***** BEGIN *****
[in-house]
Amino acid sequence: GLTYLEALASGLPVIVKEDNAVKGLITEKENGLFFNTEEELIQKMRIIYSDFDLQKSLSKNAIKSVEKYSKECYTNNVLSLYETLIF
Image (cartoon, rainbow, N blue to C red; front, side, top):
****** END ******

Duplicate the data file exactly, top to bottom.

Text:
[in-house]
Amino acid sequence: GLTYLEALASGLPVIVKEDNAVKGLITEKENGLFFNTEEELIQKMRIIYSDFDLQKSLSKNAIKSVEKYSKECYTNNVLSLYETLIF
Image (cartoon, rainbow, N blue to C red; front, side, top):